When most people think of protein, products such as meat, eggs, and fish come to mind. Many don’t realize that you can get protein from vegetables as well. But these proteins are not built alike: below we’ll attempt to shed some light on the difference between the two so you can make the right choices for your protein intake.
Some Differences between Animal and Vegetable Protein
Here are some of the differences between the two proteins that you should consider before incorporating either into your weight loss diet:
• Animal protein has more (bad) fat, which in turn leads to weight gain, heart disease and a higher cancer risk
• The Harvard School of Public Health points out that animal proteins have a balance of all amino acids. Animal protein is sometimes known as a “complete protein” for this reason”. With the exception of soybean protein, no vegetable protein can boast of this advantage. Soybean protein lacks the important amino acid methionine though. For more information on this, please see our reference below: methionine is essential for metabolism, and is helpful in treating depression, liver diseases, and muscle pain.
• Foods that give you vegetable proteins are also high in fiber and almost always low in fat.
• Other studies show that vegetable proteins can be low in other amino acids like lysine and cysteine.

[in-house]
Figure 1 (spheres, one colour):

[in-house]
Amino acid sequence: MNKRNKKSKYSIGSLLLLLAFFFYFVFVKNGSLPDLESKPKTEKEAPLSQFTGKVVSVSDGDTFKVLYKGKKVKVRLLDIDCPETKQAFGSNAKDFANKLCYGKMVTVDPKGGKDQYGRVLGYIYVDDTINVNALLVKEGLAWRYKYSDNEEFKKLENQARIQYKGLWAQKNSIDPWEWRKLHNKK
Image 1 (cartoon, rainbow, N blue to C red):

The Risks of Both
In a day and age where people are frantically trying to decide which foods to stick to and which to ditch, there’s an increasing need among some to advocate for either an animal protein diet or a vegetable protein diet. While either certainly have their benefits, they also come with risks.
The risks of a regimen high in animal protein are obvious: due to its high saturated fat content, you will have higher cholesterol levels, which leads to heart disease, and you’ll most certainly gain weight. A primarily vegetable protein diet does not carry any of these life-threatening dangers. Vegetable proteins, on the other hand, contain no cholesterol and very small amounts of fat (bad or good fat!).
The Harvard study, meanwhile, highlighted the advantages of a vegetable protein diet: "Vegetable sources of protein, such as beans, nuts, and whole grains…offer healthy fibre, vitamins and minerals.”
But Ellen Muehlhoff of the UN Food and Agriculture Organisation (FAO) states that, "We need a variety of food - from plants as well as animals - to provide the many different nutrients required for human health. In general, livestock products are major sources of protein, fat and micronutrients such as iron, zinc, calcium, vitamins B12, A and riboflavin."
At the end of the day, as with many other aspects in one’s journey towards their goal weight, moderation is key. A healthy balance of animal and vegetable proteins is ideal; if you’re vegetarian or vegan, make sure to include plenty of beans and grains into your diet to make up for the amino acids you’re losing with vegetable proteins.
For more information: